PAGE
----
China was for long seen by wine exporters as El Dorado – a mysterious place that promised golden rewards if one could but crack the code. But that is now definitively unravelling amid signs that it is all very much more complicated and less promising than that, writes Jancis Robinson, pictured, left.
This is particularly so now that President Xi Jinping has so successfully enforced a crackdown on bribery and luxury goods. It was an open secret that a huge proportion of the once-booming market for wine in China was represented by “gifts”. In the good old pre-Xi days (two or three years ago), the sky was the limit for wine pricing. The higher the price tag, the easier it was to sell it to someone hoping to make a prestigious “gift” to a government official – and there are multiple layers of government in China.
Chinese producers, who of course understand the Chinese market much better than their foreign counterparts, were releasing wines, lavishly packaged even if the liquid itself was distinctly ordinary for up to 1000RMB (US$160) a bottle and they would sell. The natural tendency of the marketeers was to overprice. But now, as one trade observer put it ruefully, “wines have to earn their prices” and Chinese wine drinkers have become much cannier buyers – experimenting with a much wider range of labels.
Much to the dismay of those in the hotel and restaurant business, as part of the crackdown, charging corkage for those customers indulging in the common habit of bringing their own bottles has been officially outlawed. There is even a hotline for reporting those still applying such a charge.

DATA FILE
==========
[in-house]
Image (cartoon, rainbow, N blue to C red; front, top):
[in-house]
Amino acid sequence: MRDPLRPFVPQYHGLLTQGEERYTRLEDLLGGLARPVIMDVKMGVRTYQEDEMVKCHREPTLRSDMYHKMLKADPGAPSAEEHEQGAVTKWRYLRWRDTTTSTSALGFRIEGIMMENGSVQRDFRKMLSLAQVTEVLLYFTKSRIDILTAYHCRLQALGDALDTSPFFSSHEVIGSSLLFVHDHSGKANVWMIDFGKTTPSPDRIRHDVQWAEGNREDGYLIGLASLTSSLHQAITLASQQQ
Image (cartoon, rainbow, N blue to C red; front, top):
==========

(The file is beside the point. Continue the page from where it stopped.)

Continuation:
One of the problems is the huge quantity of low quality wine that was imported in more optimistic times. Warehouses are still piled high with stocks that have been sitting there for two or more years. No type of wine is worse affected than classed growth Bordeaux. One Shanghai wine merchant told me he had seen First Growths piled high, all bought at prices way in excess of current market value, often by opportunist entrepreneurs rather than those with any real experience of the wine trade. It does not help that in better times, wine was so systematically faked and mislabelled.
The new austerity measures have resulted not just in a dramatic drop in wine imports but a considerable drop in the production of Chinese wine too, which makes one wonder since Nature was presumably blissfully ignorant of President Xi’s decree. According to Demei Li, one of the most respected wine consultants and academics in China, the past stratospheric growth of the wine market in China was “unhealthy”.
The government crackdown has affected those (many) wine companies built on the gifting market specifically but very few others are left untouched. Even Kerry Wines, an importer which enjoys the cushion of being owned by the Shangri-La hotel group, has been affected. Everyone is trying new directions now.
The Chinese distribution arm of the Catalan company Torres, for instance, which has seen its corporate business shrink by 90% in the last two years, has branded many of its 20+ retail outlets around China Everwines and has designed them so that they look like hip Barcelona bars. Some of their best sellers recently have been Joselito hams and, the accessory for the wine collector who has everything, ham stands!
Wine storage is a crucial aspect of the wine scene in China, not least because so few Chinese homes have much space. Since import taxes into mainland China are so high but are zero in Hong Kong, many high-end Chinese wine collectors keep their wine in Hong Kong where the number of specialist wine storage facilities – some of them in the most unlikely high-rise blocks – has mushroomed. This has helped to nurture the extraordinary growth in wine auctions in the ex-colony which have overtaken those of Europe and North America.
Truly the focus of the world of wine seems to have moved definitively east, and the market is now mature enough to have its own problems.
Jancis Robinson writes a regular column in Sommelier India WINE magazine. A longer version of this article appears in June/July 2014, available in print and digitally, via Magzter.